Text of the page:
Physics graduates are also successful in careers such as the City, finance, business, insurance, taxation and accountancy, where their problem solving skills and numeracy are highly valued.
Over a lifetime, only graduates in medicine or law earn more than those with a physics degree (source: Institute of Physics 2004 Salary Survey).
Physics graduates are highly employable and we are pleased that those from Queen’s are rated as the most employable in the UK. Furthermore, they are at least as employable as graduates from anywhere in the UK with degrees in what are often considered more vocational subjects such as Aeronautical Engineering, Chemical Engineering or Computer Science (source: The Times Good University Guide 2005).
Other Career-related information: Queen’s is a member of the Russell Group and, therefore, one of the 20 universities most-targeted by leading graduate employers. Queen’s students will be advised and guided about career choice and, through the Degree Plusinitiative, will have an opportunity to seek accreditation for skills development and experience gained through the wide range of extra-curricular activities on offer. See Queen’s University Belfast fullEmployability Statementfor further information.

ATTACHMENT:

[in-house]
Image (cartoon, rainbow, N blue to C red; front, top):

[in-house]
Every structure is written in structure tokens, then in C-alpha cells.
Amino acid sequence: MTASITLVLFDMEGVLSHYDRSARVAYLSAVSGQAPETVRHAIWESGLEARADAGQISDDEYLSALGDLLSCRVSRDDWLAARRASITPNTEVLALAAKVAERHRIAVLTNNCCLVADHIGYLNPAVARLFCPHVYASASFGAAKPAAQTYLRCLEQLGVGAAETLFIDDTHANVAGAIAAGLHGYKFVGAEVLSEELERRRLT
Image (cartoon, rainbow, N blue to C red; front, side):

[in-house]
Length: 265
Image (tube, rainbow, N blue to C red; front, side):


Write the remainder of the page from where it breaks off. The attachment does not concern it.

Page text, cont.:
Degree Plus and other related initiatives: Recognising student diversity, as well as promoting employability enhancements and other interests, is part of the developmental experience at Queen’s. Students are encouraged to plan and build their own, personal skill and experiential profile through a range of activities including; recognised Queen’s Certificates, placements and other work experiences (at home or overseas), Erasmus study options elsewhere in Europe, learning development opportunities and involvement in wider university life through activities, such as clubs, societies, and sports.